How was that El Nino for you, SoCal?

Emily Green's Chance of Rain posts on the rainy season we had, and our usual dry six months to come, going to Bill Patzert for the meteorolgical crux.

In response to a question, the famous forecaster from JPL/NASA said:

After the Vernal Equinox (lMarch 20th), the
Northern Hemisphere begins to rapidly warm up. This expands the
North Pacific High and shrinks the North Pacific Low.  As the High expands and strengthens, storms
weaken and go farther to the north of California. Also, winds from the
north (the eastern segment of the High) get stronger and upwelling along
our coast picks up. Cooler water, more marine layer; thus, May gray and
June gloom.  The High is strengthening, northerly winds are becoming
steadier, there is more coastal and inland fog, and no North Pacific
storms … our dry six months.

In other words, the pattern is beginning its usual shift. The rain is on the way out, it's warming rapidly, and our spring/summer/fall is coming.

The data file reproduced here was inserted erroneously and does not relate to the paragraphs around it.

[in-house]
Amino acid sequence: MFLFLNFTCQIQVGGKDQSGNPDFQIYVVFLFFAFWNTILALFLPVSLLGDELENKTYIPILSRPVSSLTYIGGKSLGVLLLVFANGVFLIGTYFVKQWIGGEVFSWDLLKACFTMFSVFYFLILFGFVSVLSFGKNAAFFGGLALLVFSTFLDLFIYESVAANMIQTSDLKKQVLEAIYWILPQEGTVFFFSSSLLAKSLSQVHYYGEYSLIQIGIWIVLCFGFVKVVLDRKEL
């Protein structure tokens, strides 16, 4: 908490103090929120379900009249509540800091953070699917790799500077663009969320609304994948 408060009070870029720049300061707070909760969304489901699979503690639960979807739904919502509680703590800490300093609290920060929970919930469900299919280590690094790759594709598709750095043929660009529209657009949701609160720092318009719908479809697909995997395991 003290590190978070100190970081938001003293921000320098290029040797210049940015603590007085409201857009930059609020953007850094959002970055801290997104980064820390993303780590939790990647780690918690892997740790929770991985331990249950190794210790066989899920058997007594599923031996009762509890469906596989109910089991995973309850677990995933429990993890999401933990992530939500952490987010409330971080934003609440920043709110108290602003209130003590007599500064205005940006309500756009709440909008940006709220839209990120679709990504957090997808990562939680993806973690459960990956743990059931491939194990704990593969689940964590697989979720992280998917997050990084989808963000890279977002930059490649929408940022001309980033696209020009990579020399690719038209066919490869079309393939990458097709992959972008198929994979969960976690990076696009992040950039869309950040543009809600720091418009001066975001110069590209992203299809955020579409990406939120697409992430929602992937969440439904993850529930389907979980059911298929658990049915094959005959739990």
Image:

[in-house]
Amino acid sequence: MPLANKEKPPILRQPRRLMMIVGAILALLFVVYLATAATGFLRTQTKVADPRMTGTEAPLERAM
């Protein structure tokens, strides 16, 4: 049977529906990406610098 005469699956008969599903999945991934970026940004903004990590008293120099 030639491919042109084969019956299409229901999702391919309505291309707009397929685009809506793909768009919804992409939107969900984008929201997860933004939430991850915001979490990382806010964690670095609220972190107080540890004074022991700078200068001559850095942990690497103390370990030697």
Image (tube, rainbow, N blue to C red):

So: How was that El Nino winter for you, Southern California?

In our little nook of Southern California, Upper Ojai, it was lovely. Rainfall is coming it at about 123% of normal. County wide it appears to be almost exactly what forecaster Terry Schaeffer told me back in January, in a story on forecasting El Nino back in January for the Reporter.

Schaeffer predicted that we would have a normal winter, plus about 15%. And a very enjoyable winter it was, too. Everyone I know has been raving about it…here's how it looked in Upper Ojai last weekend.


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